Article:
A rare combination of these two genres was presented in "Kathokatay Agomani". In doing so Ashish not only combined but simultaneously revived the two almost extinct traditions of Agomani and Kathokatay. He captivated the audience with his versatility in telling the story of Devi Durga's homecoming interweaving narration and role play that flowed from speech to singing, dancing, interpretation and impromptu improvisations.

Discerning audience

The story starts with welcoming gunijan the discerning audience, in Himalaya, Uma's parental home, depicted with stylised snow covered mountains in the background, where Menaka (Uma's mother) worried after a bad dream requests her husband to go to Uma's sasuraal (her husband Shiva's abode mount Kailash) to fetch their daughter home. The song kushopon dekhichhe Giri.. sung in typical kirtan style along with the sweet sounding khol, the percussion instrument, created the mood from the very beginning.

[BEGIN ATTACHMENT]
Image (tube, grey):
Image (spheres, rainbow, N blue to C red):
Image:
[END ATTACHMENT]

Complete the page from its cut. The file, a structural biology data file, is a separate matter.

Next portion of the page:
Then comes `jao jao Giri..' a song in raga Lalit a lovely contrast, proceeding to daadara in Khamaj, a thumari in Kafi, a bandish in Hamir that went `Elo Girinandini..' in teentaal, another composition in Jhaptaal set to raga Adaana, a Chautaal composition that sounded like a Dhruvapad and many more, with vocal support by Choiti Ghosh.

Ashish's soulful singing could convey emotions effortlessly, his dancing was a natural outburst of joy and his dramatising was enhanced with creative and thoughtful handling of simple properties like the chanwar or the conch shell.

The orchestral support by Sudhir Chandra on harmonium, Dipankar Das on percussion and Ashit Pal on effect percussions that included even a nalatarang added immensely to the mood and appeal of the presentation, conceptualised, scripted and directed by Ashish Ghosh himself.